The work of COST Action IS1106 on Offender Supervision in Europe began on 27th March 2012 at a ‘kick-off’ meeting in Brussels and it concludes with the final conference, back in Brussels, on the 11-12th March 2016. This report reflects on the achievements over the course of four years of complex, challenging, creative and highly constructive research collaboration.
The main objective of the Action is to exchange, increase and deepen knowledge about offender supervision in Europe, in order to understand its development in social context, how it is constructed and experienced by those involved and its impacts and consequences.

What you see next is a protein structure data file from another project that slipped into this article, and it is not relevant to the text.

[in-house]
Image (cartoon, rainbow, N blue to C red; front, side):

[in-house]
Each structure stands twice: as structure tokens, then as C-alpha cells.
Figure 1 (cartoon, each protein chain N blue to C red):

The central rationale for the work was that offender supervision in Europe has developed rapidly in scale, distribution and intensity in recent years but that the emergence of what we termed ‘mass supervision’ (i.e. in the community) had largely escaped the attention of legal scholars and social scientists more concerned with the ‘mass incarceration’ reflected in prison growth. Argument was that this represented an important analytical lacuna for law and social science. Moreover, the neglect of supervision meant that research had not delivered the knowledge urgently required to engage with political, policy and practice communities grappling with delivering justice efficiently and effectively in fiscally straitened times, and with the challenges of communicating the meaning, legitimacy and utility of supervision to an insecure public.